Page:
On a recent Friday in Mexico City women and girls marched in the streets—outraged over the sharp rise in violent crimes against women in Mexico, chanting ‘justice for Ari’
Propelling them to action – the recent death of 27-year-old Ariadna Lopez who was found beside a highway in the central Mexican state of Morelos in October.
Local investigators first blamed her death on excessive alcohol consumption and were quick to declare that there were no signs of violence but Lopez’s family insisted something malicious occurred, pointing to the bruises on her body.
A second autopsy conducted by Mexico City officials found various blunt force injuries; Multiple traumas were the cause of her death.
Mexico City mayor, Claudia Sheinbaum, accused Morelos investigators of wanting to hide the violence due to alleged links with the killer – without offering evidence.
Lopez’s cousin, Michelle Andrade, echoed mayor Sheinbaum’s sentiments.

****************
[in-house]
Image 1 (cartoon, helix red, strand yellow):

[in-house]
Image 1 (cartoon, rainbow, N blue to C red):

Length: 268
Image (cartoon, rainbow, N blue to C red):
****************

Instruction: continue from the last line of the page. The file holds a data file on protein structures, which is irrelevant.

“The authorities are incompetent, fraudulent, and insufficient, not only in Ari’s case but in the case of all those who are not here. The way things were done and the fact of hiding information, manipulating the facts, and re-victimizing her was not satisfactory for the family”.
Lopez’s case fits a grim pattern of faulty investigations of the killings of women.
According to government data, in the first 9 months of 2022 over 5,600 women were killed in Mexico.
Half were presumed manslaughter, just over a third, murder, and 12% were femicide – the killing of a woman or girl on the basis of gender – a more serious charge that calls for up to 70 years in jail.
Data from 2019 showed that for every 100 women killed – only four resulted in sentences.
“It doesn’t matter what time she went out, how she was dressed, if she was with someone, if she wasn’t with someone, if she had children, if she didn’t have children, it doesn’t matter. We lose focus on what is important, which is: the person who killed her, the people who killed them, why they did it, and what sentences they are going to serve, because it is also very easy, as people see that all cases go unpunished, it is so easy to do it.”
The protesters last Friday wore purple, a symbol for gender equality— joining women across Latin America who marched in an international day of protests against gender violence, during which mothers of murdered women and girls took to loudspeakers to demand justice for their loved ones.